Sailing: Enjoyment not endurance

Most people have very romantic notions of sailing, which are to some extent justified. When you are slicing through the water, sails gorging on the breeze, watching a giant red sun melt into the waves while slurping on a glass of crisp white wine, sailing is definitely romantic.

But then there is the other kind of sailing. The one that drags you shivering from your cabin at 3am, after just two hours of fitful sleep, to pull on your damp heavy oilskins and clamber out on deck where the wind and water slap you across the face as the boat is flung from wave to wave like a pinball. At those times, it can be difficult to detect the romance.

The sea is a fickle mistress. She lures you in with promises of unimaginable delights to come, then spits you out in a violent rage moments later. The sea demands respect. She can grant you safe and easy passage making you want to spend your life afloat or leave you praying to Poseiden and all known maritime Gods for dry land.

When conditions turn against you, life on a boat can be at best deeply uncomfortable, at worst, plain frightening.

But that is one of the joys of sailing – its total infuriating, electrifying unpredictability.

It has many other appeals, the sense of total and unadulterated freedom, the poetic motion of the boat through the undulating water, the sense of self-sufficiency, the simplicity, the journeys and the destinations.

But never board a sailing boat expecting to spend all your time lying back in the sun with a gin and tonic. That may be what happens, but it may not.

Some sailors relish in the discomfort of life at sea. They deny themselves any of day to day luxuries you might expect on land – good food, comfy bedding, a decent stock of wine, beer and other alcoholic delicacies. They enjoy toughing it out and treat each passage like an endurance test that you feel great pride in having completed with every limb intact.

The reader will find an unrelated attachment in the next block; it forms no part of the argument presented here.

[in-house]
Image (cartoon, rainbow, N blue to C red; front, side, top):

Pete and I are not these types of sailors. Pete and I like good food, comfy bedding and a well-stocked drinks cupboard.

To quote my godfather Willy Everett’s oft-used phrase: “Any fool can be uncomfortable.”

Well we’re no fools – subject to who you ask.

Sailing can be as comfortable or uncomfortable as you choose to make it and we choose to be as comfortable as possible. We do it for fun, after all.

We’re also greedy. Or phrased another way, enthusiastic about food.

Nothing lowers crew morale faster than bad food. Or even worse, lack of food.

One of the few times I have completely lost my temper on board was when trying to eat a really delicious supper produced by some of sort of magic in the galley while the boat pitched through squall after squall in the middle of the Adriatic. Every time I tried to lift the perfect morsel to my mouth, the boat lurched over and down yet another wave and I lost the lot.

“Waves, would you just f**k off,” I yelled red faced at the sea. She didn’t listen. At least not for another six hours.

We’re well practiced at sniffing out the culinary delights of each place we happen to moor up.

We also pride ourselves in producing delicious wholesome fare throughout every voyage. Whatever the conditions. We cannot guarantee how easy it will be to eat it, but it will be provided.

We are the hungry sailors and we hope you’ll join us as we eat and sail our way to new shores and new adventures.

pete and miranda

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